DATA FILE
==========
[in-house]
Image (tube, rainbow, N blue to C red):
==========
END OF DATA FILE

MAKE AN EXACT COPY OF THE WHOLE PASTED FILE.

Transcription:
[in-house]
Image (tube, rainbow, N blue to C red):